I am a huge fan of Monarch butterflies! By default, I am also a fan of the plants that feed the monarch caterpillars – the milkweed. This time of year, the milkweeds in the field by your house are starting to die off and release their seeds, like the one in the picture, which makes them super easy to spot.
The Milkweed is a native plant to North America with over 100 different varieties. Inside the milkweed, a milky white sap that contains a mild poison can be found. It’s bitter taste usually prevents animals and insects from eating the leaves. The exception to this is the Monarch caterpillar, which thrives on milkweed leaves. This diet causes the caterpillars to collect these mild toxins in their body, making them a less than tasty treat for a waiting predator.
Milkweeds produce purple or pink flowers arranged in drooping clusters. These flowers bloom from June to August, producing nectar that feeds butterflies, moths, and bees. And these insects return the favor by pollinating the plant. The end result is a hairy seed that floats off easily in the wind when the pod dries out and splits in late fall.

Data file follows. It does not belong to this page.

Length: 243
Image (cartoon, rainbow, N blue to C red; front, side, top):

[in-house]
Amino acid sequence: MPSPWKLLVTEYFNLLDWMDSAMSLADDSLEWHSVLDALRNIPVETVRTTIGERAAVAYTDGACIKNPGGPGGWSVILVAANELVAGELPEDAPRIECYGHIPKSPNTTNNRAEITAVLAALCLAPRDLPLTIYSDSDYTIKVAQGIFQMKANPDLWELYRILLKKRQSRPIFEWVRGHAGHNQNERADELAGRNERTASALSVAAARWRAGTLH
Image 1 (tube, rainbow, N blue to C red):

Fun Fact – Milkweed plants can also spread through rhizomatic activity, meaning that they can grow a new plant from their vast root network!
More Homeschool Science Helps
- This time last year, we shared about Monarchs.
- Don’t miss episode 16 of my podcast where I shared 3 science-packed ideas for using up those candy corns.